Most of the work I try to do is creative, or involves me convincing others to help with something creative. Enthusiastic and detailed feedback tends to help; putting most of my effort into notes and not getting any feedback as I struggle to move into the writing/programming/etc phase tends to end in a crash. I haven't put much emphasis on the feedback part before now, but I do have a decent archive of timestamped notes/comments/forum discussions/IM conversations that I can probably search for evidence in favor of or against the hypothesis. I don't know what specifically you do, so I don't know if any of my writing/programming-related observations would be much use, but something that's struck me as worth investigating while writing this comment is how I and the only other person who seems to be following what I'm working on deliberately keep spoilers at a minimum when trying to talk about our projects, which I could see fitting the "insufficient reward for broad areas of effort" hypothesis ("I took some notes, but you'll have to wait until a date that may or may not ever come when the product is ready for beta review!" Is not as much fun as "So I decided that an evil mushroom is behind everything... can you figure out how this makes sense in context? ... Or offer some more details on the Dark Lord Dragomutton in return, at least?").

I feel like I might have missed the point entirely and gone off in an annoying direction. I do this often (I can think of 5 examples on LW rather quickly). So it'd help to know if I botched this up or not (Judging by the karma for those 5 examples, karma isn't a very good indicator of whether or not I communication fail.).

For deontological reasons, I've been vegetarian for about a year and a half. I recently decided to make up inaccurate numbers to see if the decision makes sense on utilitarian grounds. The sources I trust seem to agree that eating meat will improve my health, so on one side of the equation I had [extra lifespan] [expected earnings per time] [fraction of earnings I currently donate] [lives saved per dollar donated]. On the other side of the equation, [expected years of life] * [amount of meat an average American eats per year] / [usable meat per animal].

Conclusion: I don't care about animals that much, compared to humans. The result was two orders of magnitude away from even being a difficult decision, so even my horrible made-up numbers were persuasive. I've been eating meat for a couple of weeks, now.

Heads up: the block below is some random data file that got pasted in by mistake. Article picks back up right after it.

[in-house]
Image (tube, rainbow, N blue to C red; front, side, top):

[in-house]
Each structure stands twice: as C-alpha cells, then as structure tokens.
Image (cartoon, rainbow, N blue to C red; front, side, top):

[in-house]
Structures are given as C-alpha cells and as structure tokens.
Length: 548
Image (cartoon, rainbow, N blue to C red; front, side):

I was publicly vegetarian for a while, so I was afraid of telling people; it felt like admitting I'd been wrong. Nothing embarrassing happened. I'll remember this next time I fear looking foolish for changing my mind.

Found out intimate relationships are a part of my life in which I feel I could do better. Found out it is overlooked in x-rationality groups. Bought The textbook on it. Am learning it.

Sorry if this is a noob question, but what is "the textbook" in this case?

Intimate relationships by Miller/Perlman/Brehm

I have quite a lot of "life infrastructure", (calendars, routines, to-do lists, etc.), but I've found there's a lot it doesn't capture. I've started using Workflowy as an all-purpose receptacle for recording things I don't have a sensible tool for. For example, I have a page for logging my study habits, and while it's not the ideal tool for it, it's better than nothing in the absence of that ideal.

tree structures are useful for their ability to create junk drawers that don't clutter up the rest of your lists (among many other benefits of course). tangent: I have to thank LW user fiddlemath for pointing out during an argument mapping talk that you can maintain strict tree structure with more complex structures involving cross-connections simply via repetition. I'm now using tree structures for more organization.

I mentioned a few months ago that I was going to record what I accomplish each day for 100 days. I managed to turn it into a habit (big deal for me- I find habit forming difficult) and started my second spreadsheet (I changed the way I "grade" my achievements, and made various upgrades to the system) and am about halfway into it! :D That combined with journaling every night gives me an estimation of why I get into depressive spirals where I don't do any work, and helped me figure out what gets me out of them (where I end up completing a lot of work.)

It's also gratifying to see a high score after doing several hours of work.

I've been using HabitRPG for around a month now to increase the amount of exercise I do and decrease the amount of chocolate I consume. It's caused successful habit formation—I've reduced the motivation needed to do unpleasant strength exercises and 3+ mile runs, even on days where I get no points for completing them. I have little success with decreasing my chocolate consumption, partly because I eat first and pay for it with the game-gold later. I'll keep using this system.

HabitRPG may work for me because I have freakishly great self-motivation and this helps me channel it. It's also my to-do list, though the site crashes with annoying frequency.

I've been using HabitRPG for a couple of months and I don't have freakishly great self-motivation (although I do have a friend who's in my party, so there is some peer pressure/accountability to keep me on track). So far I've found that it's good for habit formation for the kinds of things that are more about remembering to do them than about negative motivation. It's also reasonably good in a GTD sort of way, in the sense that I'll put a big task on my to-do list, and then when it comes time to actually start on the task I break it up into much smaller subtasks to provide myself with incremental rewards towards completion.